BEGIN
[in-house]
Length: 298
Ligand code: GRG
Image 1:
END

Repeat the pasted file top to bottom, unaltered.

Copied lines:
[in-house]
Length: 298
Ligand code: GRG
Image 1: